The rhetoric has reached a point now where we're beginning to see articles that attempt to summarize or outline the key issues. In today's Washington post
, Alec Macgillis provides a cheat sheet which presents, in the first paragraph, the two key issues:
1. Coverage for the uninsured. Still quoting the old 47 million figure, tho with unemployment, the current number is certainly higher. How do we provide healthcare for these people? And, most important, how do we pay for it.
2. Cost. Macgillis lists cost control as a way of paying for the uninsured, but there are other issues: "Medicare and Medicaid are badly straining the national budget." I think Peter Orzag would use stronger terms and would argue that cost control ("bending the curve") transcends healthcare reform. Our total healthcare spending represents 20% of our GDP, more than any other country. Medicare alone is predicted to crowd out all other discretionary spending in the federal budget.
In the same Washington Post, Fred Hiatt
writes about "Three Camps" that really please no one:
1. Cover Everyone, a.k.a. universal access.
2. Bend the Curve. a.k.a. control costs.
3. Consumerism. (Guess where this came from.) The idea is that if patients could see how much individual healthcare services cost (and had some skin in the game), they would make wiser and less expensive choices.
The volume of rhetoric breeds confusion, and that is indeed what some factions want. Others endorse covering the uninsured but don't want the cost controls that would be necessary to pay for it. Look at the last slide in the Washington Post Interactive
and ask which of these players/interest groups would benefit from 47 million new paying customers in the healthcare system. (Answer: all of them.)
So what's a poor consumer to do? Where do you get reliable information to even think about healthcare reform? The Post provides an index to their coverage
, and reading the writing of reporters and pundits can help. Always ask, tho, what benefit would accrue to this writer or his employer or his interest group by passing the reforms he advocates. It's not that advocacy groups are inherently evil, but they do have an agenda, and you need to interpret what they write in view of that agenda.
What about "experts," the gurus, the oracles? Surely, if we asked a very wise person, they would know everything and tell us what to do. But there is a chink in the armor of academia: smart people don't always agree. Yep. It's true. All Supreme Court opinions are not unanimous. And smart people sometimes make bad decisions. Still, it's worth listening to what they have to say. As a friend of mine once said, "It is a fact that you have an opinion, but that doesn't mean your opinion is a fact."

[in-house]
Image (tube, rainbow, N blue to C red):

Also reminds me of some lines from Phyllis McGinley:
"When blithe to argument I come,
Though armed with facts, and merry,
May Providence protect me from
The fool as adversary,
Whose mind to him a kingdom is
Where reason lacks dominion,
Who calls conviction prejudice
And prejudice opinion."
Here's a link to experts
, at least to a list of people the Washington Post thinks are experts. Their list includes--are you ready for this--Newt Gingrich. Now Newt is a very smart guy, and he has thought a lot about healthcare, so I'm willing to listen to what he says. But he, like some others in the list, talks in generalities that are so vague that it could be said he supports everything, or nothing. Nevertheless, the entries are short, and all are worth reading. Nuggets here and there but no magic bullets. And guess what? They don't all agree. Imagine that.
Want agreement? Here's an Op Ed piece in the New York Times
by a group from academia who all agree with each other. That, of course, doesn't make their opinion a fact. Their opinion is, however, well developed, well written, and worth reading.
The Dartmouth approach advocates looking at low cost regions of the country where there is good quality healthcare but lower per capita expenditures. One fallacy of this approach is that their definitions of "quality" have little to do with healthcare. This is a trap shared by many who cite the high cost of U.S. healthcare but the limited quality of outcomes. Life expectancy, for example, has almost nothing to do with healthcare and more to do with genes and the environment.
As you read and listen, keep you eye on the prize: How can we reduce the cost of the healthcare services we provide?